My wife and I are big horror movie fans. Last night we got a chance to ditch the kids for a few hours and see Halloween in iMax.
I’d like to talk about it.
First of all, we were perplexed because we went to the 6:35 p.m. iMax showing of Halloween on Oct. 29th at a major theatre in our area and we were literally the only people in the movie. I was stunned. I mean, I’ve been to the movies when I was one of just a few people in the place, but to be the only people in the theatre to see Halloween two days before actual Halloween? Crazy. And when we walked out of there at around 8:45 p.m. there was no one but workers standing around. I literally said, “Are we in the apocalypse right now?”
On to the movie. Man, was it disappointing. To be fair, it was better than most of the Halloween remakes and a far sight better than the awful Rob Zombie versions (Hey, I look freaky and front a freaky band, so I must be a good horror movie director, right? Right?), but the expectations this time were high. It was supposed to be a throwback version that took its cues from the original all the way down to the score. It was supposed to be the kind of reboot the franchise needed.
It was supposed to have been written well.
Well, taking cues from the original doesn’t mean repeating the same scenes as the original but with different characters. (Here’s a tip, Halloween writers, that kind of thing takes people right out of the context of your movie and reminds them of the better version they saw all those years ago so, you know, probably don’t do that.) It means trying to capture the essence and feeling of the original but doing it in different ways.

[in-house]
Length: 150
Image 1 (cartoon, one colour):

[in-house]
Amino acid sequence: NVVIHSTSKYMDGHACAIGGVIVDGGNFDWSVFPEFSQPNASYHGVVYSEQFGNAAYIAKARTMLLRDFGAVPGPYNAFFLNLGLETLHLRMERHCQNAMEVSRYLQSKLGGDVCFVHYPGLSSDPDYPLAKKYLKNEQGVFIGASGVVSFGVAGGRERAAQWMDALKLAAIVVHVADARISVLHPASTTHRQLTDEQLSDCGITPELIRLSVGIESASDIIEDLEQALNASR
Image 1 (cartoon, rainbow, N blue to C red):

It’s like saying, “We’re going to take cues from the song Thunderstruck by AC/DC and create a song that harkens back to how big a hit Thunderstruck was. We’ll call the song Lightning Bolt and have it go, ‘Lightning! Oo, oo, oo, oo, oo, oo, oo-oo.’ Which is totally different than, ‘Thunder! Ah, ah, ah, ah, ah, ah, ah-ah.’ See? It’s different, but just as awesome!”
Look, if you asked me to direct a Halloween movie and gave me a megaphone so I could start telling actors where to stand before I yelled action, I’d probably piss myself. I’d crumple up into a little ball and shiver. I’m not saying it’s easy to do. I’m not saying I understand all the processes and restrictions that go into making a movie, particularly when that movie is supposed to be the reboot of a legendary movie franchise.
But I will call into question the writing.
In my opinion it was lazy. And I guess that’s where I get a little upset. Real talk, people – what if you were asked to write a horror movie where you knew millions of people would spend money to watch it on its opening weekend? What if that big fat task landed in your lap? This is not something obscure where you do your best while locked away with no expectations, hoping you’ll be able to create something people will eventually like. This is a situation where you’re guaranteed a massive audience for your project no matter what you do. Some of us would crumple up just like I would if being asked to direct the film. But for me, knowing all of this in advance, I’d be a wasted, exhausted, broken-down version of myself once the script was finished but you better believe it would be the best mother-effing script anyone ever saw. I wouldn’t be able to do interviews or press sessions; I’d be asleep for a month, resting from giving every ounce of my being toward that script. It would be impeccable. It would be inked in my own blood and scribed on what remained of my flesh.
And that’s just it. This wasn’t. This was just a tired walk down tired paths with tired and mostly meaningless characters doing meaningless things until they were all dead. An homage to the past it may have wanted to be, but instead it was, “Lightning! Oo, oo, oo, oo, oo, oo-oo.”